DEAR ABBY: A close friend of mine -- I'll call her Jane -- is a thief. (She is 15 and I am 14.) Although her thefts are small, I know that petty thefts can turn into big ones.
Jane steals food from snack machines at school and loose change and small bills from people's purses in town. When I tell her to stop because it's wrong, her reply is, "I can't help it -- it's in my blood. I won't take anything big."
My biggest fear is that Jane WILL steal bigger stuff, because when I first noticed her taking change, it happened maybe once a month. Then it increased to once a week. Now it happens every day.
I care about Jane. She's sweet and funny. But I don't know how to get her to stop. How can I help her? Should I tell someone? Please help, Abby. -- SCARED AND HELPLESS
DEAR SCARED: If you are present when Jane steals, you become an accessory to the crime. For your own sake, as well as hers, tell your parents. They should alert Jane's parents to the fact that their daughter has a serious problem. Also, until she overcomes her compulsion to steal, it is vital that you limit your contact with her. As it stands, she is jeopardizing not only her own reputation and future, but yours as well.
DEAR ABBY: My parents died in a car crash when I was a little boy. I am now 14 and live with my grandfather and "Uncle Paul." My grandfather isn't able to work, so Uncle Paul is the only breadwinner in our home.
The problem is, when Uncle Paul gets drunk, he physically attacks my grandfather and me. I love my grandfather and don't like to see him hurt. But I don't want us to end up on the street, either. What can I do to make my uncle be nice to us? -- BLACK-AND-BLUE IN VIRGINIA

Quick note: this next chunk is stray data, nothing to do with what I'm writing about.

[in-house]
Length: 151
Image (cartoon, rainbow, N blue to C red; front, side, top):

DEAR BLACK-AND-BLUE: Your uncle's drinking is out of control. What you have described is both elder abuse and child abuse. You can get help, but only if you get into the social services system. One way to do that would be to tell a trusted teacher or counselor at school what is going on. Do it now. Please don't wait until your uncle loses control to the point that he seriously injures you or your grandfather. Please do not be afraid that you will be "out on the street." Your grandfather may qualify for a small pension, and you should be eligible for Aid to Families with Dependent Children (AFDC).
DEAR ABBY: My son, "Justin," attends every birthday party he's invited to. I respond in advance and purchase nice gifts. When Justin's birthday came, 10 children said they were coming, but not one showed up. It broke my son's heart, and mine.
Abby, how would you handle this? -- UPSET MOM IN MANCHESTER, N.J.
DEAR UPSET MOM: I'd call each and every one of the parents involved and ask if they were aware their child had accepted your son's birthday party invitation. Let them know that 10 children did -- and no one showed up, which is very hurtful. Then stop talking and listen.
What teens need to know about sex, drugs, AIDS and getting along with peers and parents is in "What Every Teen Should Know." To order, send a business-sized, self-addressed envelope, plus check or money order for $5 (U.S. funds) to: Dear Abby -- Teen Booklet, P.O. Box 447, Mount Morris, IL 61054-0447. (Postage is included in the price.)
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